Photography, Road Trips, Stories Told

The Byrd Creek bridge and dam

About ten years ago I went through a rough patch. I had overextended myself was teetering on the brink of exhaustion, and things weren’t going so well for me at home. So I took a bold step – I left my family at home, drove to Tennessee, rented a cabin in the woods, and spent a week getting my head back together. The cabin was at Cumberland Mountain State Park, which is between Nashville and Knoxville along the I-40 corridor.

I still had my first camera collection then, and I hadn’t shot with any of them since I was a teenager. So I dropped a roll of film into my mid-1960s Kodak Automatic 35F and took it along. Now, in those days I didn’t know my way around a camera with manual settings, which this one had. I didn’t even know what a light meter was and that this camera had one built in! So I was very much experimenting, and many of my photos didn’t turn out.

The centerpiece of Cumberland Mountain State Park is the dam and bridge on Byrd Creek. If you’re ever in the area, I urge you to drive this bridge. Whether you approach it from the east or the west you drive downhill to reach it, and as you round a gentle curve it seems to burst into view. It is a commanding presence, the kind that makes you gasp or sigh and perhaps even reel your head back a little. And so I was very glad that despite my terrible photographic skills the one photo I took of the bridge looked pretty good.

The trip was restful, and I drove home refreshed at its end.

My inner roadgeek and bridgefan was only just beginning to awaken in those days. This bridge stirred my budding interest, but I put everything nonessential in my life on hold as I tried, and failed, to fix what was wrong at home. After the divorce, I finally picked up that thread and started making road trips – click here to read about my first one. But as my love of the road deepened and my photographic skill increased I wished I could visit this bridge again.

As spring break approached this year, I tossed out a few options to my sons – a trip to Yosemite, a jaunt down old Route 66, or a relaxing time at a cabin in the woods. To my surprise and delight, they chose the cabin. I immediately made reservations at Cumberland Mountain State Park. Of course, I packed my camera! On the first sunny day it and I headed for the bridge.

Bridge and Dam

Say what you will about Franklin D. Roosevelt and his New Deal programs, but the Civilian Conservation Corps certainly did some excellent work through the Great Depression. Working from 1935 to 1940, CCC workers built this structure of concrete and faced it in Crab Orchard stone, a kind of sandstone native to the area.

Bridge and Dam

The structure not only provided a bridge over Byrd Creek, but it dammed the creek as well to create Byrd Lake, forming the basis for this park. The water levels weren’t high enough on my first trip to trigger any spillage over the dam, but this time recent heavy rains had done the trick.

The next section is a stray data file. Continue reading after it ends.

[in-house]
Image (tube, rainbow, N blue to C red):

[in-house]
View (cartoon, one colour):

Bridge and Dam

The rushing water makes quite a ruckus!

I took these photos with my new Canon PowerShot S95. But I brought a vintage camera along too, a Zeiss-Ikon Contessa LK I had recently purchased. Like my old Kodak Automatic 35F, it’s a 1960s viewfinder camera with a built-in light meter. Soon I’ll have the film developed, and when I write about that camera here perhaps I’ll share more photos of this bridge.

Why do I like old cameras so much? Because I’m an engineer at heart, and I love all the intricate work in them. Read the whole story.

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14 thoughts on “The Byrd Creek bridge and dam

  1. Nice pictures. It’s rather refreshing to see a set of “then and now”s that show things looking pretty much the same. There is a stone lodge on the downstream side of that dam that can (or at least could) be rented. It’s a bit more space than one and two half men would need but the boys could probably find some buddies to come along and help toast marshmallows.

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    • I know the lodge. The boys and I kind of wished we’d rented it instead of the one we got. Not that the one we got was a problem; we enjoyed it very much. But having those waterfalls as our view would have been extra nice!

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  2. The decade-old 35F picture is excellent. The color is warm and soothing. The greens are a wonderful complement to the sandstone. The composition is superb. Everything in picture feels so natural. Even the fact that it’s all slightly fuzzy works. It’s a peaceful, fantasy-land that has a great bridge/dam. Good work.

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    • Thanks Aaron! I always liked the almost 3D effect of it — the bridge seems to push out of the photo at you a little.

      The photo from a similar angle that I got out of my Canon S95 doesn’t work as well, and ~10 years hence I have at least a clue about what I’m doing with a camera!

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  3. Keith O'Neil says:

    I love your pictures, and your musings on life. I just found your blog a month or so ago, and really enjoy reading it.

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  4. Age adds a poise and grace even to man made things and mergers them with nature to enhance its beauty. How one wishes, we have more leaders with the foresiight of FDR, especially to avert greed-made crises like sub-prime lending.
    When are you proposing to travel to Yosemite ? I am impatient to revive my memories of the stream, the sheer cliffs, the cup-like valley beside the windmills and the orange orchards on the way.

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